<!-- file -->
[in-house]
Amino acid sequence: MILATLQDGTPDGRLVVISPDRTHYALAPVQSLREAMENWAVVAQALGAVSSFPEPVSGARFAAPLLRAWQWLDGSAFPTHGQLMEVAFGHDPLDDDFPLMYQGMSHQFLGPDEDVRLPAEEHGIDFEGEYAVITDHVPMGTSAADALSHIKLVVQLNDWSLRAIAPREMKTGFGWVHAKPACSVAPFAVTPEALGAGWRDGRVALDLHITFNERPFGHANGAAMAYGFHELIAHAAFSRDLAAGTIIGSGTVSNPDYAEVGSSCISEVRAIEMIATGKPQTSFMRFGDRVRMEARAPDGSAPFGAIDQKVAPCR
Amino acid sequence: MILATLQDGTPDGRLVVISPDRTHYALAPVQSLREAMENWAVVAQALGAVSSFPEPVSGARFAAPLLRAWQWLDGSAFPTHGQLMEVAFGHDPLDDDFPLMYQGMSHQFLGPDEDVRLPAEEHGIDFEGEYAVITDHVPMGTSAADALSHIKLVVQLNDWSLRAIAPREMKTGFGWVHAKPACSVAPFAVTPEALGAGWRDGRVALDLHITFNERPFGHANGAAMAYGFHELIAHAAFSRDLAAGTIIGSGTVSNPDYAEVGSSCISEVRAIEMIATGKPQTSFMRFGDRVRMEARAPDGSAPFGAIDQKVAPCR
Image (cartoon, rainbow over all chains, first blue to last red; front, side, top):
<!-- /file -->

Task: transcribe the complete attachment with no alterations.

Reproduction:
[in-house]
Amino acid sequence: MILATLQDGTPDGRLVVISPDRTHYALAPVQSLREAMENWAVVAQALGAVSSFPEPVSGARFAAPLLRAWQWLDGSAFPTHGQLMEVAFGHDPLDDDFPLMYQGMSHQFLGPDEDVRLPAEEHGIDFEGEYAVITDHVPMGTSAADALSHIKLVVQLNDWSLRAIAPREMKTGFGWVHAKPACSVAPFAVTPEALGAGWRDGRVALDLHITFNERPFGHANGAAMAYGFHELIAHAAFSRDLAAGTIIGSGTVSNPDYAEVGSSCISEVRAIEMIATGKPQTSFMRFGDRVRMEARAPDGSAPFGAIDQKVAPCR
Amino acid sequence: MILATLQDGTPDGRLVVISPDRTHYALAPVQSLREAMENWAVVAQALGAVSSFPEPVSGARFAAPLLRAWQWLDGSAFPTHGQLMEVAFGHDPLDDDFPLMYQGMSHQFLGPDEDVRLPAEEHGIDFEGEYAVITDHVPMGTSAADALSHIKLVVQLNDWSLRAIAPREMKTGFGWVHAKPACSVAPFAVTPEALGAGWRDGRVALDLHITFNERPFGHANGAAMAYGFHELIAHAAFSRDLAAGTIIGSGTVSNPDYAEVGSSCISEVRAIEMIATGKPQTSFMRFGDRVRMEARAPDGSAPFGAIDQKVAPCR
Image (cartoon, rainbow over all chains, first blue to last red; front, side, top):